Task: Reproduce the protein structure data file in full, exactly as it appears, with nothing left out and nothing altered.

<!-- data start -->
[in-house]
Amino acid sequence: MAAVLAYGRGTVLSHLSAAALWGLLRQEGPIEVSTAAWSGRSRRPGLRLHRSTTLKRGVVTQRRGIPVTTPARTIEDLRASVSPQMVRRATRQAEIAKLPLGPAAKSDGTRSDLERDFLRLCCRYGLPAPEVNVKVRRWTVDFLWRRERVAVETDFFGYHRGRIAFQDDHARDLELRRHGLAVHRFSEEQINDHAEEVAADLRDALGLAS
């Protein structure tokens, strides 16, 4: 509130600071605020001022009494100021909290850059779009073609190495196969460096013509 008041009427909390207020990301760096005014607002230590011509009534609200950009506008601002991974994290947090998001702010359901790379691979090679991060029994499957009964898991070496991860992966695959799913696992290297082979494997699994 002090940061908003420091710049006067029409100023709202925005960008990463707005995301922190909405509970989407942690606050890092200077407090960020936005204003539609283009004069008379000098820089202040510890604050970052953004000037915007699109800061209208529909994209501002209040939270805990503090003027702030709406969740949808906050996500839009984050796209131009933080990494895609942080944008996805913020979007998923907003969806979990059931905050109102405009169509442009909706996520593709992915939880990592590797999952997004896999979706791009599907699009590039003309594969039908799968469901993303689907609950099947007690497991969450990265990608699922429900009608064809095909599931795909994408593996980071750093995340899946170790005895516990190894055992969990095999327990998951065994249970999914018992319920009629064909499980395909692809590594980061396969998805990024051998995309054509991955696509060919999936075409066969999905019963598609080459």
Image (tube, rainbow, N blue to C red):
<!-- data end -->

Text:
[in-house]
Amino acid sequence: MAAVLAYGRGTVLSHLSAAALWGLLRQEGPIEVSTAAWSGRSRRPGLRLHRSTTLKRGVVTQRRGIPVTTPARTIEDLRASVSPQMVRRATRQAEIAKLPLGPAAKSDGTRSDLERDFLRLCCRYGLPAPEVNVKVRRWTVDFLWRRERVAVETDFFGYHRGRIAFQDDHARDLELRRHGLAVHRFSEEQINDHAEEVAADLRDALGLAS
């Protein structure tokens, strides 16, 4: 509130600071605020001022009494100021909290850059779009073609190495196969460096013509 008041009427909390207020990301760096005014607002230590011509009534609200950009506008601002991974994290947090998001702010359901790379691979090679991060029994499957009964898991070496991860992966695959799913696992290297082979494997699994 002090940061908003420091710049006067029409100023709202925005960008990463707005995301922190909405509970989407942690606050890092200077407090960020936005204003539609283009004069008379000098820089202040510890604050970052953004000037915007699109800061209208529909994209501002209040939270805990503090003027702030709406969740949808906050996500839009984050796209131009933080990494895609942080944008996805913020979007998923907003969806979990059931905050109102405009169509442009909706996520593709992915939880990592590797999952997004896999979706791009599907699009590039003309594969039908799968469901993303689907609950099947007690497991969450990265990608699922429900009608064809095909599931795909994408593996980071750093995340899946170790005895516990190894055992969990095999327990998951065994249970999914018992319920009629064909499980395909692809590594980061396969998805990024051998995309054509991955696509060919999936075409066969999905019963598609080459």
Image (tube, rainbow, N blue to C red):